Although nearly 40% of surveyed firms do not plan to increase staff numbers any time soon, without exception all want to retain their best and brightest for what is perceived as value-added work by clients while using technology to automate the mundane, repetitive tasks.
2. Focus on Clients
Arguably, clients are a law firm’s number one asset. Client relationships are what drive revenue, so monitoring, managing, and protecting these relationships is key. Strengthening client relationships during an economic downturn where demand is lower, competition is rampant and buyers more selective, becomes even more critical.
Economic shifts, such as those currently impacting the Australian and New Zealand legal sector, force firms to focus on the need to explore better collaborative technologies that are integrated into or can work hand-in-hand with their legal practice management systems. By aligning all technologies to create one centralised system, firms can develop a more seamless data-driven approach to identifying and managing client relationships.
For instance, a data-driven client retention and business development solution provider like Client Sense connects seamlessly to PracticeEvolve, to automatically collect the data legal professionals need to identify the relationships held by the firm, along with potential opportunities and risks, providing the visibility firms need to effectively manage their prospective and existing client relationships.
3. Integrate existing and new technologies
PracticeEvolve’s industry report revealed that the impact of COVID 19 will see firms innovate and adopt new forms of technology (71%) and more firms will expand the use of existing technology to improve legal work processes (50%).
The most compelling reason for firms to take an interest in technology is because the right tools, when optimised to the requirements of an individual practice, ultimately help create more effective and efficient workflows that can be quickly adapted to reflect the changing market needs. As a result, firms can adopt a lean thinking approach which is key to reducing costs, eliminating waste from legal and business processes, and maximising value not only by understanding what clients want but making sure they can deliver.
The three recommendations above provide a great framework to start, following through is how maintaining market share is achieved.
How PracticeEvolve helps manage various stages of the client lifecycle.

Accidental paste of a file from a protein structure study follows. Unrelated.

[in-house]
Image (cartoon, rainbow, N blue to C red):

- Customer due diligence lifecycle: Our AML feature helps law firms to perform (document and report on) due diligence checks on clients and associated parties of clients to ensure they comply with their obligations under anti-money laundering and anti-fraud legislation.
- New business lifecycle: Our prospective clients feature helps law firms to capture data about prospective clients including their name and contact details, as well as the expected revenue and area of law of their prospective matters and how they were referred to the firm. All of this data can be reported on to help law firms understand where their leads are coming from so they can refine their business development efforts to attract new clients. Capturing name and contact details of prospective clients also helps make any conflict checks more robust.
- Client lifecycle: Our custom reporting functionality enables firms to report on any fields that are in the client card properties, meaning clients relationships with other entities are easily identified as they are created through associated parties. Safe custody can be managed and accessed easily via client cards regardless of whether firms add it to the matter card or to a client card. As the client card and matters are separate from each other, client relationship management can be maintained long after a matter is closed. Law firms are able to keep the client open in the system and manage the marketing and client relationship aspects directly from the client card.
- Matter lifecycle: All data added to a client card will flow through to all matters when updated. This creates one source of truth for an individual person, so that every time an update is made it will automatically flow through to all the matters they are connected to.
- Financial management lifecycle: We provide quick access to client financial data in one central place which means law firms can easily identify the total outstanding amounts for each client across the multiple matters they are involved in, and view a total trust balance. Overview of total debtors also make it much easier to manage the financial aspects of the client relationship.
Are you looking to evolve your client relationship management approach? Request a no-obligation online demo and find out how PracticeEvolve can be tailored to suit your firm’s unique requirements.
Note: All statistics referenced in this article are outlined in State of the Nation Outlook for Mid-Sized Australian Law Firms – 2020/2021
Written by: Iryna Uvyaz, ANZ Marketing Manager at PracticeEvolve